It’s the middle of the night, in the middle of nowhere, and you’re jockeying for a spot on the bank of the Au Sable River where trophy trout lie in wait. Fishing June’s legendary “hex hatch” means staying up late and timing your trip just right for the moment Michigan’s giant mayfly, Hexagenia limbata, emerges in swarms so massive they can be heard a hundred yards upstream.
This is the moment big trout have been waiting for, when they’ll slurp falling flies from the river’s surface. The same goes for Michigan’s most hardcore anglers who blindly cast their lines through the darkness toward the sounds of rising trout.
Amid this midnight feeding frenzy, miles away from the nearest sidewalk or street lamp, there’s bigger things to think about than where you’re stepping. Out here it’s just dirt trails, worn down by the boots of backpackers and anglers over generations. In daylight the river valley doesn’t look much different from one summer to the next, and the sport of fly fishing is a mostly unchanged tradition around the Au Sable River.
But in the treads of our boot heels and the folds of our clothes, the seeds of plants able to change this landscape in radical ways can hitch a ride through the valley without us ever noticing. When we pay attention to this fact, those plants lose the element of surprise.
Northern Michigan is host to dozens of invasive plant species, brought to the Midwest intentionally as ornamental shrubs or accidentally in the ballast water of ships then dispersed by humans, animals and natural forces. Three species in particular — Japanese barberry, garlic mustard and purple loosestrife — require serious attention to limit their spread within the Au Sable River watershed where they are already present.
“Japanese barberry is very prevalent along the Au Sable and the Mason Tract, a public trail system near Roscommon that follows the river,” said Shelby Bauer, Stewardship Team Lead for Huron Pines. “Studies find tick populations are much higher in barberry-infested areas because ticks are attracted to the plant’s shrubby nature and the small rodents that take shelter within them. I’ve found this to be true in my own experience in the field and this makes staying on paths really important.”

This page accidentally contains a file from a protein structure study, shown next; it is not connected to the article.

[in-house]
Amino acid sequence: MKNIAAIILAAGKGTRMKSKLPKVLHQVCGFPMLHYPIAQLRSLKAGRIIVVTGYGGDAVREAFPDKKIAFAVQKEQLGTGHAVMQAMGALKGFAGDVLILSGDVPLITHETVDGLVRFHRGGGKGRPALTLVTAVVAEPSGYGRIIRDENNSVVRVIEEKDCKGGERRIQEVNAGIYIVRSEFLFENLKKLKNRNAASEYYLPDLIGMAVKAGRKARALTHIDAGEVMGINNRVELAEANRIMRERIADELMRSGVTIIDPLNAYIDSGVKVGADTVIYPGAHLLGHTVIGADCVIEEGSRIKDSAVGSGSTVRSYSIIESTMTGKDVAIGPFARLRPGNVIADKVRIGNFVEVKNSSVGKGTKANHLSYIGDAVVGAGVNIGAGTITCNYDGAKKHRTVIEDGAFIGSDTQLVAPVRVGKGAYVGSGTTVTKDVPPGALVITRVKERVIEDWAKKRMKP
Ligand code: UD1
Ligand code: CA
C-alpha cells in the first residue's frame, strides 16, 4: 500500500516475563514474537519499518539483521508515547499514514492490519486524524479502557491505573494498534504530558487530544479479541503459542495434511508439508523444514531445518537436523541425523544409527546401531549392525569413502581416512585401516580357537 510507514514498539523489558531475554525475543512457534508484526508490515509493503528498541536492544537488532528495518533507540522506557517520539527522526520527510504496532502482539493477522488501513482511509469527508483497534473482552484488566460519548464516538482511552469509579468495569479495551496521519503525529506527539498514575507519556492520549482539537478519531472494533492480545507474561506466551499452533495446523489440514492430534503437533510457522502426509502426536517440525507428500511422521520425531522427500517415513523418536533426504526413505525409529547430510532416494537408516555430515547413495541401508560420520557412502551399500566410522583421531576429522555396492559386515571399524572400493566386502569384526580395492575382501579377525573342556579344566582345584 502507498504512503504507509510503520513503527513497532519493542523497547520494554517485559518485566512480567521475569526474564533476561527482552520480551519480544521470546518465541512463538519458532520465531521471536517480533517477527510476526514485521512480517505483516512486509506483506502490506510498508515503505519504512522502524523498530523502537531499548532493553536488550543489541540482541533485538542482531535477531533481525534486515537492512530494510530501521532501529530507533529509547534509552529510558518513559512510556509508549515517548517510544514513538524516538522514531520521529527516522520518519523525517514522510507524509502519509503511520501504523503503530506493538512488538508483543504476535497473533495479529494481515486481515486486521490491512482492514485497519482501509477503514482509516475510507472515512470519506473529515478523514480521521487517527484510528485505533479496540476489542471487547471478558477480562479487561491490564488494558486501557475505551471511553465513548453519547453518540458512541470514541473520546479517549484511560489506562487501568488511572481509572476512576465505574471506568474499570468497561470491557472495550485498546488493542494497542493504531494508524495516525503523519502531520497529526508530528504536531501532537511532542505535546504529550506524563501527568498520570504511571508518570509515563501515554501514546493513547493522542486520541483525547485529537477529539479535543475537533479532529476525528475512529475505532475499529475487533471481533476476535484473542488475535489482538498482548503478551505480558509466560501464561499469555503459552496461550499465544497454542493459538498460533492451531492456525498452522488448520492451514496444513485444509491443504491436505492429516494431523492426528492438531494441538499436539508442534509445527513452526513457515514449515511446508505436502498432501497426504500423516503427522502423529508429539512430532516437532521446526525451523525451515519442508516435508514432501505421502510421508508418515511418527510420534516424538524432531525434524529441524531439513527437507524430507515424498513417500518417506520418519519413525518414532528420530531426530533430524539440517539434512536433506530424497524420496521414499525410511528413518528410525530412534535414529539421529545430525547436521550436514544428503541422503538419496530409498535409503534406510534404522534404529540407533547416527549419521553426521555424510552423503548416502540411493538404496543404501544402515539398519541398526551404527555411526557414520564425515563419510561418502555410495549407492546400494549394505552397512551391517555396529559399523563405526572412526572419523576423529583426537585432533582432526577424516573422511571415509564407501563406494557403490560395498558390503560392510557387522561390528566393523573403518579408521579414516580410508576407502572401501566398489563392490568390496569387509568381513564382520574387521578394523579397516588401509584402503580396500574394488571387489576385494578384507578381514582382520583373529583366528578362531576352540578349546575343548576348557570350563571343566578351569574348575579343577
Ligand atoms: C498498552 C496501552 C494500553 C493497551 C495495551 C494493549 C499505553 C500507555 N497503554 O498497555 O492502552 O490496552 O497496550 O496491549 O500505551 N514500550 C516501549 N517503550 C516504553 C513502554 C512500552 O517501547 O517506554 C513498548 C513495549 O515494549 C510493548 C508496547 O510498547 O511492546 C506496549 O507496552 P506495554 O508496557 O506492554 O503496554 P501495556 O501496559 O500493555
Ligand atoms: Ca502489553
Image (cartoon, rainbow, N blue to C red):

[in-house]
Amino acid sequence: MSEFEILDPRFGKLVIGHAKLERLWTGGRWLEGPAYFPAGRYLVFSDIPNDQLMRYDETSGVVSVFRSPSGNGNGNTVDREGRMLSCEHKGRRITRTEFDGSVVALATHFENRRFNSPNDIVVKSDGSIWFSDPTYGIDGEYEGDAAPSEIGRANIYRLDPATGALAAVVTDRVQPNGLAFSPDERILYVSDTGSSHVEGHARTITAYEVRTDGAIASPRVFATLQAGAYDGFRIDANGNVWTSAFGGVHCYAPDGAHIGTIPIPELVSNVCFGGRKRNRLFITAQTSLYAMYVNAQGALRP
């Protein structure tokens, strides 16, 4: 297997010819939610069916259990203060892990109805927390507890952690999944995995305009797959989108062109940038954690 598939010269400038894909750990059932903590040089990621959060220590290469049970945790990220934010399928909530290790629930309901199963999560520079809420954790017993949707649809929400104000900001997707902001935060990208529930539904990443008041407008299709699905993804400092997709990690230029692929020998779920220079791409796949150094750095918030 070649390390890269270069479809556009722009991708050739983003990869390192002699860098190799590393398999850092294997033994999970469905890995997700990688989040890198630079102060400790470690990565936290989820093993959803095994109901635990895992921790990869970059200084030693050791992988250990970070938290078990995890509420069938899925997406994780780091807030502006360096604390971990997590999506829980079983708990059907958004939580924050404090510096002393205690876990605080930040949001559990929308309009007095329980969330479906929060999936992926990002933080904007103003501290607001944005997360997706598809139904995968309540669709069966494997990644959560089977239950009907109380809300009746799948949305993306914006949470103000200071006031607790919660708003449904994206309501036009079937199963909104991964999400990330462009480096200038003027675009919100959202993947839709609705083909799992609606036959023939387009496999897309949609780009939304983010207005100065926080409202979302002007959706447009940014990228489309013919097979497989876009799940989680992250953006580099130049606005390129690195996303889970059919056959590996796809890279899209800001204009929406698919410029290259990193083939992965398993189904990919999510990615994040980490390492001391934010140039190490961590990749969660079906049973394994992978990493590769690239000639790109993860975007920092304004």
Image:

Huron Pines and its partners continue making strides in controlling these invasive species and there is still work to be done. In the meantime, these plants will continue causing trouble in areas where they’re established across Northern Michigan and we need to be vigilant about not helping them along.
Garlic mustard is not as widespread here as in southern parts of the state but is present along forest trails where it acts as ground cover and outcompetes tree seedlings and other native plants. It’s also a prolific seed producer and the tiny seeds are viable for up to 7 years.
Since 2012 Huron Pines has partnered with the U.S. Forest Service, Consumers Energy and students from Oscoda Area Schools to hand-pull hundreds of pounds of garlic mustard annually near Foote Dam, keeping the species in check while protecting a healthy population of wild ginger there.
Similar efforts against purple loosestrife by local watershed groups have helped keep this wetland wildflower at bay along the Au Sable River. It’s another significant seed producer, carried along by waders and watercraft that come in contact with ripe seed pods. Huron Pines plans to coordinate an event later this summer to remove purple loosestrife from areas of the watershed.
Knowing this information helps us be more conscious of where we’re walking but we can also equip ourselves with simple tools and practices to reduce the spread of invasive species. Consider taking these actions during your next outdoor adventure:
- Pack a stiff-bristled brush and lint roller. Use the brush to clean seed-carrying dirt, mud and debris from your boots and treads regularly. This also works for waders and bike tires before and after each use.
- Inspect and clean your clothes and gear between uses and locations. A lint roller is a fast and effective way to remove seeds from clothing.
- Inspect and towel down watercraft between uses.
- Remove burrs from pets. Tough burrs in thick fur can be helped out with a pinch of coconut oil.
- Stay on marked trails as much as possible.
Help keep our shared outdoor spaces unchanged, and enjoy your time in the company of the Au Sable River.
By Chris Engle
Huron-Manistee National Forest of the U.S. Forest Service, U.S. Department of Agriculture and Huron Pines are working cooperatively to develop and implement educational and outreach activities related to non-native invasive species in the community and schools within the Mio and Huron Shores Rangers Districts. Huron Pines invasive species management and education are also supported in part by the Michigan Invasive Species Grant Program.